Scriabin’s “Prometheus, The Poem of Fire”: Revelations of the “Mystic Chord”

In Greek mythology, the Titan and “supreme trickster” Prometheus steals fire from the gods and brings it to humanity in defiance of Zeus. For the Russian composer Alexander Scriabin (1872-1915), Prometheus’ fire symbolized searing creative energy and an ecstatic expansion of human consciousness. Influenced by mysticism, Theosophy, and the theories of Nietzsche, Scriabin believed that the highest calling of humanity was to escape the physical world and enter a vast “oneness” with the …

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Bright Blue Music

As a followup to last Wednesday’s post, here is another exuberant slice of musical postmodernism by American composer Michael Torke (b. 1961). Bright Blue Music (1985) is a celebration of one of the most basic and fundamental building blocks of tonal music: the pull of the V chord (the dominant) back home to I (tonic). Throughout the twentieth century many composers avoided tonal relationships altogether, which makes the opening of Bright Blue Music, with its conventional …

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Even Better Than the Real Thing

In 1984, a bold, new skyscraper emerged on the Manhattan skyline, which captured everyone’s attention and became the subject of intense controversy. The Chippendale-inspired broken pediment crown of architect Philip Johnson’s AT&T Building shocked the architectural establishment because it so profoundly violated the ruling aesthetic of the day. This bizarre new icon seemed to be cheerfully thumbing its nose at the solemn, modernist glass boxes which surrounded it. Postmodernism was born. Modernism, …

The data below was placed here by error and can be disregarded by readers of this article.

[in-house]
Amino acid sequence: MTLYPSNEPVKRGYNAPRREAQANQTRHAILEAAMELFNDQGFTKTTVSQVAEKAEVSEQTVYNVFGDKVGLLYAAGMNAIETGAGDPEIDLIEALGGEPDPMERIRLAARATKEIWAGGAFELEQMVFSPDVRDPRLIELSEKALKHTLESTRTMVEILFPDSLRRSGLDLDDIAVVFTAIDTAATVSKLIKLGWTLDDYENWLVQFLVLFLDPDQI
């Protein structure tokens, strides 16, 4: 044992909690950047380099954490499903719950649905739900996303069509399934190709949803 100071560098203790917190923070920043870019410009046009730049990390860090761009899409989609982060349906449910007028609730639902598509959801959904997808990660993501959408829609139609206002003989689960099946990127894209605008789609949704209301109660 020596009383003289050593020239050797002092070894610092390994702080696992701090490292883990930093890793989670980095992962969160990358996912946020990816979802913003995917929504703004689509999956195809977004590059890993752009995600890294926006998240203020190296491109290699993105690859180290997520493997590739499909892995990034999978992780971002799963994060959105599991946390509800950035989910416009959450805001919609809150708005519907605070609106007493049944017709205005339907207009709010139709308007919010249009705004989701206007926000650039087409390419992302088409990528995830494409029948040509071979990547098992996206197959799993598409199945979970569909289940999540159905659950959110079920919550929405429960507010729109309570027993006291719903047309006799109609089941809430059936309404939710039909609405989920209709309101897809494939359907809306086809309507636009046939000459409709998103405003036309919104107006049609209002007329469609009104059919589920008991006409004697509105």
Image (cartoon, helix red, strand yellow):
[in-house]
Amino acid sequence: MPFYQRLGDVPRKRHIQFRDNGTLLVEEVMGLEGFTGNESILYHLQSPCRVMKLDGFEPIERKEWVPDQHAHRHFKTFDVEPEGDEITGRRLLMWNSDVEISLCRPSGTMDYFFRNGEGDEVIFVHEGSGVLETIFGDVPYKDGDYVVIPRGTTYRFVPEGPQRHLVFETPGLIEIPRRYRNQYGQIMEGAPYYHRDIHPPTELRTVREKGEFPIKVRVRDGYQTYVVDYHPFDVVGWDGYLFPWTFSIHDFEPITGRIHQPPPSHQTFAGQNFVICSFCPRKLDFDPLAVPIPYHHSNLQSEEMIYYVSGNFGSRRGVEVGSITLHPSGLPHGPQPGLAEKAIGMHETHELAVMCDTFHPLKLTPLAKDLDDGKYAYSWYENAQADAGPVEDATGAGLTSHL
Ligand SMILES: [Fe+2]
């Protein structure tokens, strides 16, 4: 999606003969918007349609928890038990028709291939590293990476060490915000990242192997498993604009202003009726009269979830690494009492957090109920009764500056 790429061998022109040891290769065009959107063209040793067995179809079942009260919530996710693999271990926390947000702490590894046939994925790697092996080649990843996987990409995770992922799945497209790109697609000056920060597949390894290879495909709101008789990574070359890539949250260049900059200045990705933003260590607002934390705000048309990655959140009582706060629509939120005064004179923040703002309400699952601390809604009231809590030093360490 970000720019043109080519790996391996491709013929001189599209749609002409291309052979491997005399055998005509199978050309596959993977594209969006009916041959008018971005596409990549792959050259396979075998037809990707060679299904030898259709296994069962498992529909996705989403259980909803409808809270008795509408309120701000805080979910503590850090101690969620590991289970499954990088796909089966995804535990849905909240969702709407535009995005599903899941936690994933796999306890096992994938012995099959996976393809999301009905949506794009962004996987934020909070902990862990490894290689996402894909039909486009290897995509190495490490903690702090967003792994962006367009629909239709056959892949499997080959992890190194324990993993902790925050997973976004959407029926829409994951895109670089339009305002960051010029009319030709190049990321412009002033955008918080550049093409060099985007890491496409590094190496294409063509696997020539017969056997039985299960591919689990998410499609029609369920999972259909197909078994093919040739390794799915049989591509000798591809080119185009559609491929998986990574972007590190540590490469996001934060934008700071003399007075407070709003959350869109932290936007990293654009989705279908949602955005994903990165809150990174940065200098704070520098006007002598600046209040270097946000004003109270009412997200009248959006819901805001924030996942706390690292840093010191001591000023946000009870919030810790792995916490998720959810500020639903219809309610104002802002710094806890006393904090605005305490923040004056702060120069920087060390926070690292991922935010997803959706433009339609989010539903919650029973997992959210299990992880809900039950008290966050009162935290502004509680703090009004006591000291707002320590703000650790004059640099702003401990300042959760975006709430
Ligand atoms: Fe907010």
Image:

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December

Music occupies the mysterious realm of metaphor, expressing realities which cannot be put into words. For American composer Michael Torke (b. 1961) music is inextricably bound to extramusical associations like colors, memories and feelings. His evocative titles give us a glimpse at these associations. In a previous post we looked at Torke’s synesthesia, a neurological blurring of the senses which allows him to “hear” colors. December for string orchestra was written in 1995. Why do …

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